A possible case of deer-to-human COVID-19 transmission has been identified in Canada.
What happened: A new research paper identified a possible case where a deer transmitted COVID-19 to humans.
- Researchers said in a new paper — posted on the preprint service bioRxiv before peer review — that they found “a genetically similar version of the virus was identified in a person from the same region of Ontario who had recently been in contact with deer,” CBC News reports.
Yes, but: The researchers said it’s unlikely the deer could bypass COVID-19 vaccines, per The Guardian.
What they’re saying: “This particular case, while raising a red flag, doesn’t seem to be hugely alarming,” Finlay Maguire, who collaborated on the research, told CBC News.
- “While we haven’t seen (transmission from deer to human) happen directly, we sampled from the human case around the same time we sampled from the deer, and we sampled from around the same location,” Maguire said.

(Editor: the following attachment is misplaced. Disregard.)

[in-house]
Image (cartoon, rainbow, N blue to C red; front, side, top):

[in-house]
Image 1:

- “There is also a plausible link by which it could have happened, in that the individual involved is known to have had considerable contact with deer.”
- The doe had no comment.
Why it matters: Scientists have feared that COVID-19 could continue to spread among deer, leaving the virus unchecked. This could lead to future COVID-19 variants that scientists would struggle to see coming.
- According to The New York Times, “longer-term, widespread circulation of the virus in deer would give the virus more opportunity to mutate, potentially giving rise to new variants that could spill over into people or other animal species.”
Flashback: Scientists discovered back in February that white-tailed deer can carry the omicron variant, which was a sign to researchers that deers could carry COVID-19 variants of concern, as I reported for the Deseret News.